Report: Pilot And Crew Error Caused Troy Gentry’s DeathPublished on December 5, 2018.
Just over one year since the sudden death of country singer Troy Gentry in a helicopter accident on September 8, 2017, a new report claims that pilot and crew error are at fault for the deadly crash.
According to CMT shortly after pilot James Evan Robinson took off in the Schweitzer 269 Charlie 1 helicopter with Troy Gentry on board, he told the staff on the ground that he couldn’t control the engine. His plan was to cut the engine and try to glide in in an attempted emergency landing.
According to the final report from the National Transportation Safety Board, that is what caused the death of both Gentry and Robinson.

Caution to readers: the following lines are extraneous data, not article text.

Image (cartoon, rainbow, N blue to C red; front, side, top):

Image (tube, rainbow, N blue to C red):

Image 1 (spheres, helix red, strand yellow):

The NTSB added that the maintenance crew’s failure to rig the throttle control assembly before the flight also contributed to the crash.
A week after the crash, the NTSB released a report stating, “During the descent, the rotor [rotations per minute] decayed to the point where the instructor could see the individual rotor blades. The helicopter descended from view prior to reaching the runway threshold and the sounds of impact were heard. Both instructors reported that a high-pitched ‘whine’ could be heard from the helicopter during the latter portion of the descent.”
Gentry who was one-half of the popular country duo Montgomery Gentry was 50 years old at the time of the crash and was taking the helicopter ride to enjoy some down time before he and his bandmate Eddie Montgomery were scheduled to perform in New Jersey later that night.